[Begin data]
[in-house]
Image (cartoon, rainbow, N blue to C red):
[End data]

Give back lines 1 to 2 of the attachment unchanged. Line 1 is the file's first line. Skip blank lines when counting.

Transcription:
[in-house]
Image (cartoon, rainbow, N blue to C red):